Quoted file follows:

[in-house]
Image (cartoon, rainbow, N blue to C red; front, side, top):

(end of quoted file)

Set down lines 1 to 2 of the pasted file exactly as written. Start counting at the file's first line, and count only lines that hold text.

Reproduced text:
[in-house]
Image (cartoon, rainbow, N blue to C red; front, side, top):